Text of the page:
I have been reading online about high performing STC wall noise control products. How much added noise control do I get when add them to my RSIC-1 ceiling system?
The short answer is, It has not been fully tested. The current belief is that if something works on a wall, it must work on a ceiling. Unfortunately in the world of acoustics, that logic does not always apply. There are conflicting reports online and published that may be addressed here.
Lets start with the basics of noise. Mass, Resiliency and absorption controls noise. This is an oversimplification of noise control.The best systems apply all 3 of these methods.
Walls are unique in the way that the gypsum board is held compared to the how the noise acts on the gypsum board. Typically the weight of the gypsum board is being held up, and the noise is applied to the broad side of the board. Imagine setting a piece of gypsum board on end then holding it up with 1 finger. That is totally possible. Now move that gypsum board slightly back and forth. This is how noise (vibrations) are applied to the gypsum board on a wall. Because the weight is being balanced, the amount of isolation/decoupling needed is low. All the noise control product has to do is manage the light back and forth of the gypsum board. This is why you see some success with RC-1 channel, Visco elastic products, Visco elastic gypsum boards, and isolation clips. The performances here have some large variables from STC 46 to 64. There is a large range of wall systems that can be effective for your projects.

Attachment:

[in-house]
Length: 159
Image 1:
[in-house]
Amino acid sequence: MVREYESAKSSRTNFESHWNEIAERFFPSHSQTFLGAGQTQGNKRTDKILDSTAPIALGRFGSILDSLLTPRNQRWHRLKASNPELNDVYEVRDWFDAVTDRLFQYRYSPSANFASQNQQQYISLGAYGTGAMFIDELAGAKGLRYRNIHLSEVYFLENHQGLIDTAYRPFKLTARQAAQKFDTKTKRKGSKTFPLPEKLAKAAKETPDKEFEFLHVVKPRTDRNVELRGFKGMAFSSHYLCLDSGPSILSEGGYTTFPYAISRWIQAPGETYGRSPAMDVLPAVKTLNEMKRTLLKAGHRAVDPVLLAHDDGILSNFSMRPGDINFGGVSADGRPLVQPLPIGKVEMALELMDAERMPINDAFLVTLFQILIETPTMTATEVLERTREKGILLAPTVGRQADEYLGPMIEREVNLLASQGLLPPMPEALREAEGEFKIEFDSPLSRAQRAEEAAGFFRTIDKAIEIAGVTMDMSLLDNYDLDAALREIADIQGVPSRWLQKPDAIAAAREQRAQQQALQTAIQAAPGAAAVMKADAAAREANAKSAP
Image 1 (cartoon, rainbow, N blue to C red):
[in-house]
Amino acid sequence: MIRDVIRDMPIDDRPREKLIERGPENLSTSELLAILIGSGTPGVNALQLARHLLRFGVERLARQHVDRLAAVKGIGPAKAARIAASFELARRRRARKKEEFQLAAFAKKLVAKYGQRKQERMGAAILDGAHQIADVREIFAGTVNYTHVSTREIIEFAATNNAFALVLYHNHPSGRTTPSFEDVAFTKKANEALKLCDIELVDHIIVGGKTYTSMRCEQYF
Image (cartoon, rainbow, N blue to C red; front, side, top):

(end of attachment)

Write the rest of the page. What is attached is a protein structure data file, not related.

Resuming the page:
Ceilings are different. Lets look at the same type of example we used above. Take the gypsum board that was resting all its weight on the ground (edge), and now hold it over your head. Unless you are quite the workout buff, this is fairly hard to do. Now imagine the degree of energy needed to hold and move that same board. Gravity has changed how that same piece of gypsum board reacts to the same/similar energy. That gypsum board that you so easily moved with one finger in our wall example, now is an immovable object, not really but its very heavy. All the weight is loaded on the same plane that the noise is trying to pass through. The entire weight of the ceiling has to be fully decoupled and isolated for any chance at a good acoustical result. This is where we see some separation in products. If you were to rate the options, best first: 1. Spring isolation 2.Rubber isolation 3. Channel Isolation 4.Mass and or Visco elastic products. The mass and visco elastic products are listed even here, only due to a lack of real test data for those products on ceilings. More testing is needed on the visco products to warrant a true placement in this short evaluation. By no means am I discounting the visco elastic products, only stating that there needs to be more testing.
Isolation clips with mass is currently the least expensive, highest performing option for a successful noise control ceiling system. The implementation of increased mass along with the correct isolation system, whether it be a rubber, or spring based isolation is where you see the best gains in acoustical performance.
I am sure there are plenty of arguments to this online. Here at PAC we rely on test data. When new test data is available we can revisit this.